Front Page Titles (by Subject) Jesus Christus, unser Heiland, Der von uns. - Bach's Chorals, vol. 3 The Hymns and Hymn Melodies of the Organ Works
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Jesus Christus, unser Heiland, Der von uns. - Johann Sebastian Bach, Bach’s Chorals, vol. 3 The Hymns and Hymn Melodies of the Organ Works 
Bach’s Chorals. Part III: The Hymns and Hymn Melodies of the Organ Works, by Charles Sanford Terry (Cambridge University Press, 1915-1921). 3 vols. Vol. 3.
Part of: Bach’s Chorals, 3 vols.
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Jesus Christus, unser Heiland, Der von uns.
The hymn is a translation, by Martin Luther, of the Eucharistic “Jesus Christus, nostra salus,” generally described as “St Johannes Hussen Lied,” though Hus’s authorship is doubtful. Luther’s hymn was published in Walther’s Geystliche gesangk Buchleyn (Wittenberg, 1524) and in Enchiridion oder eyn Handbuchlein (Erfurt, 1524), in both cases with the tune (supra). The hymn is described as “St John Hus’s hymn improved.” In fact only the first of its ten stanzas is based on the Latin. Luther and his musical helper, Johann Walther, appear to have discarded the old melody of the Latin hymn. The 1524 tune is attributed, without strong evidence, to Luther himself. When the hymn was repeated in Joseph Klug’s Geistliche Lieder (Wittenberg, 1535), a tune was substituted for that of 1524, which also bears no resemblance to the Latin melody.
In Choralgesange, No. 206, and the Organ movements infra Bach uses the 1524 melody, his text of which is invariable. His version of the second and third phrases differs from the original and is found in Witt (No. 320).
The 1524 melody appears to have been very dear to Bach. The Organ movements on it number four; two of them in the third part of the Clavierübung, and the other two among the Eighteen Chorals.
N. xvi. 74. The most striking feature of this Clavierübung Fantasia is the arresting “step” motive which paces throughout it, a musical exegesis of the hymn. The striding and confident theme inculcates stedfast faith in the power of the sacrament to forgive sin. “Bach wishes,” writes Schweitzer1 , “to illustrate the Lutheran dogma of the Communion. We know that Luther was opposed to the rationalism of Zwingli, who regarded the sacramental words as symbolical and the whole celebration as a simple ceremony of remembrance. To Luther the essence of the doctrine of the sacrament was faith in a real change in the elements, in virtue of which the Communion gives remission of sins.” Bach shared Luther’s conviction and expresses his confidence in a theme spaced extraordinarily widely. The tremendous “step” motive in the “Sanctus” of the B minor Mass may be compared with it, in which the adoration of men and angels is built upon a theme that strides in octaves and arches the heavens. In the present movement Bach clearly had the fifth stanza of Luther’s hymn before him:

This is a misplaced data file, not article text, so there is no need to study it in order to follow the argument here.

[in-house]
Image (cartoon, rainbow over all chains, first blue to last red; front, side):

N. xvi. 80. The second of the Clavierübung movements is in strong contrast to its predecessor. Fugal in form, and based on the first phrase of the melody only, it is contemplative in mood, and seems to follow No. 77 as the ninth stanza of the hymn is the corollary of the fifth:
N. xvii. 74. When, eight or nine years after the Clavierubung was published, Bach included two movements upon the melody among the Eighteen Chorals, he approached the hymn from a different standpoint. He probably felt that the first of the Clavierübung movements sacrificed art to dogmatics. The first of the movements in the “Eighteen” is a Communion Prelude; alone of the four it is marked “sub communione.” It is one of two Preludes—“O Lamm Gottes” (N. xvii. 32) being the other—in which Bach illustrates in their sequence the lines of the hymn text. In the present movement he selects from each of the four lines of the first stanza a particular word for illustration:
For the first thirteen bars Bach’s treatment of the cantus is inspired by the word “Redeemer.” At the fourteenth bar he introduces a rhythm which Schweitzer likens to the accompaniment of the Arioso “O gracious God” (No. 60) in the St Matthew Passion, which recalls Christ’s scourging. It suggests the strokes of God’s anger, from which the Redeemer’s Passion rescued mankind, and persists to the twenty-sixth bar, accompanying the second phrase of the cantus. At bar twenty-seven chromatic scale passages picture Christ’s “bitter Leiden” (sufferings sore and main). They are woven above and below the third phrase of the cantus and reach their climax in the thirty-seventh bar. At bar thirty-eight the fourth phrase of the cantus is introduced by a short figure
which typifies the Resurrection and man’s rescue from the pains of Hell. “We fancy,” writes Schweitzer “we can see in this affecting ending the strong arm of the Saviour drawing mankind upward1 .”
B.G. xxv. (2) 188 (P.vi.112) prints an older text of the movement, the ms. of which formerly was in Krebs’ possession.
N. xvii. 79. The movement must have been one of the last Bach revised. The ms. of it is in his son-in-law Altnikol’s hand1 . It is, however, one of Bach’s early works. Schweitzer2 points to the influence of Buxtehude. Spitta3 places the composition in the first years of Bach’s residence at Weimar.
It cannot be without design that Bach devotes the last nine bars of the movement to an elaboration of the fourth phrase of the cantus. Consequently he emphasizes the line:
Did help us all out of hell-pain.
[1 ]Exotics, p. 103. The original hymn has ten stanzas.
[1 ] Vol. ii. 61.
[1 ] Vol. ii. 73. See also Spitta, i. 613. He anticipates Schweitzer’s analysis.
[1 ] Altnikol married Bach’s daughter Elisabeth in 1749.
[2 ] Vol. i. 292.
[3 ] Vol. i. 613.